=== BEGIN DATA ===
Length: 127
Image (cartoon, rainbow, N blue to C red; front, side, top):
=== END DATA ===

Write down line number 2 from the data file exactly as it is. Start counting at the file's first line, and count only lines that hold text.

Image (cartoon, rainbow, N blue to C red; front, side, top):